I have a question about how buying/selling/contracts work with the non-agression principle. (Including fraud.) The problem I have is with regard to the fuzziness involving certain products/services. My general question is how much responsibility does a seller have in ensuring the safety or even the accuracy of the product which he sells? Obviously if I sell rat poison labeled as tomato sauce and you purchase it and eat it that is fraud. However, what if I knowingly sell a car which is literally fatal to drive at high speeds, say 90 MPH. That is, the car explodes at 90 MPH. Is that fraud? Is it unethical? The buyer didn't ask me if the car was safe at such a speed. Why should it be assumed that it would be safe at such a speed? How far does the liability of the seller go?
+1 gotlucky, excellent response
I suspect one has to get a little technical here to answer that accurately.
In practicality, unless you are a thief fencing stolen product or a fly by night here today/ gone tomorrow, you would not sell a product that under certain circumstances could kill the buyer, you would warn him of it only for the sake of not becoming an outcast with a bad reputation. If you are a businessman, you would have more incentive to make sure your buyer is satisfied for the sake of repeat business. But you asked about ethics not practicality.
So then it depends on the circumstances what your buyer would think the contract implies.
In general you do not HAVE to disclose everything you know, but your silence might imply comparable safety.
If you have a car dealership and the sticker calls it a "car" and you are in the same street as other car dealers with cars that do not explode.. the implied contract would be that a buyer can expect similar safety performance from your car as from the competition- even if you do not disclose it's weaknesses. If it explodes that would be fraud. If it gets 5 miles less per gallon, that would not be fraud.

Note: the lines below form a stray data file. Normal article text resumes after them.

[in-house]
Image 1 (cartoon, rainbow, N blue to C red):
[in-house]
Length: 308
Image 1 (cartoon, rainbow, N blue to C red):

If you inherited a farm full of junk equipment amongst others, a car that might ex[plode at 90 miles an hour, you sell in bulk everything on the farm "as is" you are under no obligation to disclose anything. The buyer would be aware of normal caveat emptor precations.
Your shop does not sell "cars" but modes of transportation. You have tricycles, gokarts, golfcarts and scooters. Your buyers typically use it to deliver groceries or letters and run errands. There is no unwritten expectation for any of your vehicles to need to go 90 miles an hour. If somebody uses it for something other than its intended use,-no fraud on your behalf.
If he tells you he is going to race it round a racetrack different story. You can choose to warn him against it, or you can sign a disclaimer that it is sold as is and its performance is not warranted for uses other than mail delivery... but under those circumstances there is an implied contract -not saying anything is fraud.